OCR for page 13
13 FIGURE 5 Issues affecting timely and effective TIP changes. a.The definition or interpretation of the term "administrative modification" is too narrow. b.Getting internal stakeholders (e.g., member agencies and governments) involved. c.Getting external stakeholders (e.g., resource agencies; affected public, state, and federal transportation agencies) involved. d.Our agency's public participation plan or process requires extensive public input on TIP administrative modifications. e.Our agency's public participation plan or process requires extensive public input on TIP amendments. f. Redemonstration of fiscal constraint (for TIP amendments) is time-consuming and problematic for our agency. g.The definition or interpretation of "administrative modification" and/or "amendment" is confusing or poorly understood by our MPO officials, state DOT, or other partners. h.Major revisions (TIP amendments) are often contentious to one or more stakeholder groups that "watchdog" the MPO. i. An unclear understanding of the roles and responsibilities between our MPO and the state DOT causes delays to the TIP amendment or administrative modification process. j. Conflicts between the requirements for TIP amendments/administrative modifications and other regulatory or statutory requirements creates issues with the effective and timely processing of TIP amendments/ administrative modifications. k.The American Recovery and Reinvestment Act has placed additional pressures or requirements on our TIP amendment/administrative modification processes. l. Occasional personality conflicts not related to other process issues between the MPO and state or federal agencies create various problems with processing TIP amendments or administrative modifications. The four TIP amendment process elements shown in Fig- ure 7 exhibited the greatest degree of differentiation among the high-volume TIP amendment MPOs and the remain- ing MPOs in the survey. Staff reviews before board meet- ings and technical committee reviews took less time for the lower-volume MPOs, whereas public comment periods and FHWA review and approval took less time for the higher- volume MPOs. For both the low-volume and high-volume amendment processing MPOs, public comment typically takes 2 to 6 weeks. This is not surprising given that adopted public par- FIGURE 6 Satisfaction with the overall TIP amendment/ ticipation plans with required minimum review times govern administrative modification process. the time spent on public review. Perhaps of more significance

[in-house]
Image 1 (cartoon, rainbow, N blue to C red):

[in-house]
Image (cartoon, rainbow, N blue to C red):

OCR for page 14
14 is that regardless of the volume of amendments, FHWA turns less than 2 weeks. Again, findings indicate that it is unusual around the majority of reviews and approvals within 6 weeks. for this process to take more than 6 weeks regardless of the number of amendments being processed. Bigger differences lie between high-volume and low- volume MPOs when looking at pre-board review. The vast When the same assessment is done for TIP administrative majority of reviews at MPOs conducting lower volumes of modifications, the results are somewhat different, as shown TIP amendments occur in less than 2 weeks, whereas at in Figure 8. those with high volumes of amendments the reviews are as likely to be completed in less than 2 weeks as they are to be Here, the lower-volume MPOs tended to take longer than completed within 2 to 6 weeks. In both cases, it is unlikely the high-volume MPOs to receive state DOT and FHWA to take more than 6 weeks. approval, as well as take a longer time overall to process the administrative modification. If the assumption is made that Technical committee review is more likely to take 2 to the higher-volume MPOs have more motivation to streamline 6 weeks to complete at MPOs processing low volumes of their revision processes, then these results are intuitively cor- amendments, whereas at those processing high volumes, rect and may further suggest that some of the streamlining technical review is much more likely to be completed in processes described in this report have a net positive effect. FIGURE 7 Length of time for TIP amendments of high-volume/low-volume MPOs. FIGURE 8 Length of time for TIP administrative modifications of high-volume/low-volume MPOs.